Wednesday, December 8, 2010

Snowflakes that stay on my nose and eyelashes

A few short weeks ago, Paris looked like this:
Your steps crunched, and there was that earthy smell of decaying leaves that always reminds me of the scratchy feeling of new, back-to-school sweaters and the slick coldness of pumpkin seeds that slip through your fingers when you scoop out their fibrous innards:
However, although the official start of winter is still several weeks away, Paris has unofficially made the transition. To start with, it's been really cold (by temperate Parisian standards, at least-- what zee hell is with these below freezing temperatures this early in the year?). I'd wager even the Frenchiest of the Frogs has been giving his cigarette break a second thought, rather than brave the chill. We've also already had days of snow with decent accumulation (by Parisian standards this means any accumulation at all, but still!)

The first snow I saw was two weeks ago, on a student excursion I lead to a marché de noel at La Défense, Paris' financial district (you can see the iconic "Grande Arche" in the background of this photo). The light flakes are a bit hard to make out, but they began falling just as started to sip on our mulled wine, and they made for a perfect atmosphere to sample pain d'épices (gingerbread) and do some Christmas shopping:

A few days later, on a Wednesday evening, it snowed a little more. I had the good fortune to have time for a stroll through the Champs de Mars before I hurried off to my English tutoring appointment, for a family that lives just beside the famous Tour Eiffel:Then there was this past Saturday, our first significant snowfall. I was playing tourist with some visiting friends at the time, so I got to admire the snowy French countryside from the window of the RER C, and then tromp through the snow with the other shivering tourists to pass through the gilded gates and into the chateau of Versailles:

Seeing the snow-blanketed gardens was definitely the highlight of the trip:

My next snowy encounter was yesterday, when it made for a slightly annoying, wet-socked commute to and from various appointments. My walk through a snowy marché de noel on the Champs Elysées en route slightly made up for it, however:
This frosty bear was on the side of a crêpe booth where I grabbed a quick raclette (pre-mixed potato and ham fondue) lunch:
It was good weather for marrons chauds (roasted chestnuts), sold from carts up and down the market streets (and elsewhere in the city, sold by hobos who roast them over empty drums in shopping carts):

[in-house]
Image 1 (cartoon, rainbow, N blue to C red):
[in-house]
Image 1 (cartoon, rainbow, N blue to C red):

The manège looked particularly picturesque in the snow:
And then today it snowed again; fat, floating flakes that stuck and quickly formed inches, then melted into slushy puddles that soaked the calves of pedestrians and stole the friction from cars. I'm all for the change from the standard gray skies and cold drizzle of Parisian winters, but I have to admit that the snow is getting a little old. The walk from work to the métro at lunchtime, only about an hour after the snow started, was already pretty miserable:

I felt particularly bad for the folks who, like this guy, relied on bikes or motorcycles for transport. The métro was a particularly inviting alternative on a day like today, which is to say warm and carefree (although the above-ground lines, like the 6, seemed to have problems).

The contrast between the snow on the awning of a produce market and the tropical fruit on display made me chuckle:
From my apartment I could spy a few children making the most of the shared yard behind their complex to throw snowballs and do cartwheels in the powder:
By the evening, when I was heading to tutoring, the snow still hadn't stopped and the situation was becoming pretty hairy. Commuters huddled on street corners, trying to determine the path of shallowest puddles from one curb to the next and avoid the patches of ice as the slush began to refreeze. Cars that had stopped at lights slid around the street trying to start again. The elderly eyed the ground warily, treading cautiously with their canes. I was twenty minutes late to tutoring with the time the trudging added to my commute, but by the time I emerged two hours later the snow had (happily) stopped.

When I finally got home, I was greeted by a jolly bonhomme de neige next to the café outside my front door:
I wondered if he had been created by the same children I had seen cartwheeling earlier. I smiled at the sight, feeling slightly guilty for my Grinchy anti-snow attitude, and marveled at the curling puff of my breath through the chill night air as my numb fingers fumbled for my keys.

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